Bartender is an anime series that takes an acquired taste to appreciate: its progressively engaging slice of life premise is unlike most anime series that are either exuberant in tone or use emphasized elements to tell their respective stories. Instead, Bartender takes its time to immerse you in an environment that's enticing and seductive in its own undertones. Like Antique Bakery for pastries, or Yakitate Japan for bread, Bartender immerses you in the world of alcoholic beverages with a mature flair. Only...it doesn't quite invest in the same humor or flares that define the series aforementioned.
I might be among the right audience for this series, in that I enjoy progressively paced slice of life series that indulge in a central theme, and don't mind if it has an episodic progression if the themes in each are tangible and relate well to each other. While I've never consumed an alcoholic beverage, I felt enticed by my watch of Bartender, in that it features a rather soothing environment and intuitive approach to the occupation with a charismatic bartender and a multitude of characters who wish to escape their dilemmas, shown in each of the 11 episodes this series highlights. The idea that a choice of a drink can characterize a person completely reeled me into the respective story and up to its rather noted conclusion, though if one is expecting something to culminate into a conflict or central resolution, you are definitely NOT the audience for this series to be able to appreciate it.
The problem also lies in that it is a series that you really have to be in the right mindset to watch it, otherwise, its affect is lost and those who are looking to be easily entertained or engrossed may find it quite dull. I personally thought it was one the best character expansive/philosophical series I've come across in a long time, and literally most series don't give the kind of depth and intricate expansion that this series does, with a soothing flair and at ease progression that takes its time accordingly.
Very high quality character designs and coloring, as well as depth to the environments that are just as soothing as the tone the series sets. The light/dark contrasts are easy on the eyes and the designs remind me of series like "Monster", "Master Keaton," and "Human Crossing" for fair comparison, if a bit more rich in quality. (Yet I should note the only one this series remotely resembles in tone and progression is "Human Crossing.")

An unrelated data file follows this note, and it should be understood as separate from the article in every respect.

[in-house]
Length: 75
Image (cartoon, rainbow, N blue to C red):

Settings are quite realistic in design and intricate details, even from the sculpture that's showcased in one of the early episodes. I was impressed even with the level of detail in the wine bottles and the cocktail glasses.
Beautiful soundtrack overall, I'd honestly put it among my favorite anime soundtracks for its calm, jazzy quality. The opening theme is an enticing number called "Hajimari no Hito" by a prominent jazz group called Natural High. The showcasing of the various characters in the dynamic opening sequence invites you in its mature, moderate tempo song. The ending theme "Bartender" is just as elegant, and the BGM provides a nice accent to the environments and situations in which the characters are showcased.
Voice acting is appropriate though it isn't so much a factor that improves the series. Rather, it complements the characters and situations in its own right.
There are an array of characters that are showcased throughout Bartender in the episodic array of episodes, each dealt with an intricate manner of how their back story, personality, or respective situation matches the respective beverage of choice. The series treats its characters intricately, but doesn't really develop them over a progressive time where you come into resonation with them individually. Rather, you learn to appreciate who they are in an aesthetic, philosophical notation. Don't come into this series expecting characters to jump out at you, because while its characters drive it, it's done so in a way that's different from most anime series. I'll compare it to Human Crossing again: a series of stories in one-shot context that revolve within a central theme. If you can keep that notation in your mind as you watch, or you like series that are in that vein, you'll find yourself enjoying it for what it offers.
Yet, in the midst of it all, I was impressed with the character Ryu Sasakura, who acts as your "friendly neighborhood Bartender" with an eye that can see the core of his customer base. He has an awareness of who they are, their personality and what to match along with it, and he does so with a kindness and ease that's both attractive yet subtle.
It pains me a bit to not rank this higher than its respective measure, because I truly loved the series for what it had to offer, but this is one that I wouldn't recommend every anime viewer to watch, only those who can truly appreciate the elements it brings to the table. It's a beautiful series, soothing to the senses, and provides an educational look at the occupation, but I would say if you love series with progressive pacing and a different flair than most anime series, then this is one to watch. Likely, if you've ever seen the series Human Crossing and loved it, then you'll definitely like this.